Richard, I didn’t throw out the glucose meter. I persevered because it made sense. Since I had suffered through multiple rounds of antibiotics and a bowel resection, out of control blood sugar where my low carbing worked for a time but the good results were diminishing, I knew my gut was fucked up and this approach was logical. I just needed to begin differently….slowly. I’m a “jump in with both feet” kinda gal. Sometimes I just need to downshift. Now I need to see if the extra 40 lbs on this ole body will move off and be gone! Again, from my heart, I thank you, Marie and Tater Tot. I am not being overly dramatic when I say you may have saved my life!

    • Richard Nikoley on May 30, 2014 at 17:40

      Luvs to you, downshifter.

      (I think you may be the only woman I have ever heard use the metaphor–you must like salt of earth men).

      Keep us updated, dear.

  3. Gina on May 30, 2014 at 17:02

    I have to give thanks to the gang here for sharing what was – I thought – totally irrelevant information for me about Eskimos and animal starch. One of my cats was diagnosed with FIP (an always terminal illness that they contract as kittens; mine apparently got it at the pound). My baby nearly died and had a round of antibiotics and was hospitalized for a respiratory infection. He went blind and relied on his whiskers not to bump into things. The vet said it was almost time to say good-bye. He was only 2 years old.

    Fast-forward to now: he’s healthy, happy and running and playing constantly with his brother. His eyes are just fine. I gave him soil-based probiotics and, of all things, carbs, since I was not willing to give him freshly killed meat (bad mom). I thought I was a good guardian because I always fed them a 100% meat diet. I’m now convinced that may be folly, since the vermin they would naturally be eating has animal starch that even raw pet food lacks.

    His vet is astonished. I don’t know if helping his gut is what allowed him to make such an amazing recovery, so take it for what it’s worth. I do think that the ways that freshly-killed meat are different from the food we usually give our feline companions is worth considering.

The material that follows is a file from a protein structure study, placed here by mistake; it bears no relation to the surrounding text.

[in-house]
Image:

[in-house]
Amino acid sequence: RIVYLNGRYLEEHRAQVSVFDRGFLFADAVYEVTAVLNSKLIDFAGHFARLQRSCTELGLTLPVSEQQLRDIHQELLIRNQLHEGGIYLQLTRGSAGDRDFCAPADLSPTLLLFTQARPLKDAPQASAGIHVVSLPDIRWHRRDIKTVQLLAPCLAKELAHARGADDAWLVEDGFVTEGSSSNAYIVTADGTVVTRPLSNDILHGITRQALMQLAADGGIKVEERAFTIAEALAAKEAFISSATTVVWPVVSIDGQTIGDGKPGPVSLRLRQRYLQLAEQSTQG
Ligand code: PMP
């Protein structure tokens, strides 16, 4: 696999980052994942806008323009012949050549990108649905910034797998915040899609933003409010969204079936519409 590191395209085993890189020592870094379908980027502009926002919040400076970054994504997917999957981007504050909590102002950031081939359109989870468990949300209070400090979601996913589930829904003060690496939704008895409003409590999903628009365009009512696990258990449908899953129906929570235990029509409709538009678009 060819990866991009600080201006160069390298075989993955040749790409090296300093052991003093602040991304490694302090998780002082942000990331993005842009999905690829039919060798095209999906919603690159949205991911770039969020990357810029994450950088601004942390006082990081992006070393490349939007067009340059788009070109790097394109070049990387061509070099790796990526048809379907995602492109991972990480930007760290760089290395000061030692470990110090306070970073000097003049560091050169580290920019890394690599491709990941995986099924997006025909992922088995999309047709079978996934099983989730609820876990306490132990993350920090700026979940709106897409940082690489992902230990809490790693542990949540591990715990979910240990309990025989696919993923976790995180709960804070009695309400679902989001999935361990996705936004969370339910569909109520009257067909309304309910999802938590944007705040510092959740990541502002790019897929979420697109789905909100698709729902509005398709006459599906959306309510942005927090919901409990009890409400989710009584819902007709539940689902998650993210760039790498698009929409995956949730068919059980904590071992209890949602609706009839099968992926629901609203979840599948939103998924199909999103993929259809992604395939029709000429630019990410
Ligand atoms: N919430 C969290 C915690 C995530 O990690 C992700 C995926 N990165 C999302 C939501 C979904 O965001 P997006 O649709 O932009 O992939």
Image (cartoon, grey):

Thanks most especially to Duck Dodgers.

    • Richard Nikoley on May 30, 2014 at 17:54

      Remarkable story, Gina.

    • Gina on May 31, 2014 at 00:09

      “When a man loves cats, I am his friend and comrade, without further introduction.”
      ~ Mark Twain

    • gabkad on May 31, 2014 at 18:45

      Gina, my Scipicat is 11 years old now. She has FIP as well. Alas, the effect on the immune system has dental consequences ( or maybe it was her pre adoption months of severe malnutrition or both). I supplement her catfood with chopped raw beef to keep her weight up. On catfood alone she loses weight. The vet’s totally supportive of this. She just had another dental appointment, got cleaned up and 1 tooth removed. I have 6 cats. She’s the only one with any gum disease. When I brush the rest of the crew’s teeth there’s no bleeding gums. Now that’s she’s only got 2 molars and 2 canines left, I’m hoping the situation will stabilize.

  4. MC Hammer on May 30, 2014 at 17:42

    To a man with a hammer everything looks like a nail. Jesus, a bit too cocksure yourself, no?

    • Richard Nikoley on May 30, 2014 at 17:52

      Mc Hammer

      2nd time you’ve posted that with your ironic hammdle.

      Not irritated, but I loath mindless people who do 1 sentence comments pretending to be pithy.

      So, explain yourself or I ban you in an hour for the fun of it.

      Ps. You’re not pithy, nor is anyone who uses the worn out hammer nail schtick.

    • bettyboo on May 30, 2014 at 20:46

      +1 Richard. If someone wants to take you on, they’re going to have prove themselves a worthy opponent first! MC Hammer does not make the grade.

    • LeonRover on May 31, 2014 at 13:20


      To a man with an emery board everything looks like a nail.


      Bell, Book & Candle.


    • Richard Nikoley on May 31, 2014 at 13:37


      I wore out the vinyl on what I think was their 1965 In Concert album, because as I just checked, it has both Puff and Hammer on it, two tracks I distinctly remember from wearing it out on my dad’s turntable.

  5. wolfstriked on May 30, 2014 at 19:35